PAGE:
Travel search
Can't find it? Try searching for it :)

For the Children

Akureyri Botanical Garden

The Public Park was first opened in 1912 and the botanic section added in 1957. The park has been enlarged three times since 1912 and is now about 3.6 ha and lies at 40-50 m altitude at Eyrarlandsvegur road near midtown.

The aim of the botanical garden is to grow trees, shrubs and perennials in the demanding climate of Northern Iceland, which is characterized by pronounced seasonality of temperature and day length. Situated in the shelter of Eyjafjord, which is one of the longest fjords in Iceland and provides a favourable microclimate for plant growth. Beside the 430 native species the surprising number of 6600 alien taxa grow in the garden. The garden is an IPEN member and is active in seed-exchange, public information, educationand recreation.

The Public Park and Botanic Garden is open 1st of Jun eto 30 Sept. On weekdays from 08-22 and at weekends from 09-22. The garden facilities are closed over the winter, but visitors are welcome to come for a stroll, the gates are open.

Fishing

A day out fishing is a good family activity, and the north of Iceland has countless lakes and rivers, e.g. Svínavatn, Ljósavatn and Ysta-Vík near Grenivík, where the children can sit on the banks with their fishing rods. Then, at the end of the day, they can look on with pride, as their catch is grilled for the family meal. But one need not go far from the town or village to do some fishing; sitting at the end of the pier can also be fun.

Hvítserkur

Hvítserkur is a 15 m-high sea stack just off shore on the eastern side of Vatnsnes. Good seal spotting place at the estuary of the Sigridarstadir lake, south from the stack.

Kjarnaskógur woods

Kjarnaskógur Woods

South of Akureyri is one of the towns most popular outdoor area
- the woodland Kjarnaskógur. The recreational area is approx 800
hectars with more than 1.5 million trees, of many species planted within the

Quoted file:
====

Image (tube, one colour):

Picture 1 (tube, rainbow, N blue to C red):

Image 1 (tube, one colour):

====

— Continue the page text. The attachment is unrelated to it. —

last 50 years. The area has diverse selection of trees and along the creek
Brunná one can find a tree sample track. For bird lovers, the area
is rich of birds and by the marshland in the north of the area (by Hundatjörn
in Naustaborgir) there is a bird watching shelter. A campsite is nearby,
Hamrar, with easy access to the forest.

In the forest you find:

* Three playgrounds

* Volleyball courts and outdoor gym


* Grill houses and pick-nick areas for both individuals and groups


* Aprox. 12 km of gravel-tracks for hiking, running and biking, of which 6 km
are lighted during dark hours. Also plenty of forest tracks and other vast
network of back country trails. For more details view the maps further down the
page.


* Restrooms and water fountain


* 4 carparks


* Mountain bike trails are in the woods and are also connected to the mountain
bike trails in Mt. Hlíðarfjall - These combined create the longest mountain
bike trail in Iceland with a total of 21.6 km.


* During winter - the largest organized cross country tracks area (in a
woodland area in Iceland) with around 20 km of groomed trails and 6
km are lighted. The grooming statues can be
viewed here. The colors on
the map indicate the time since they were groomed last (green, orange and pink
are from a couple of hours up to 48 hours, while light blue, dark blue and grey
are from 2 days or up to 14 days or more). Areas for sledding are also groomed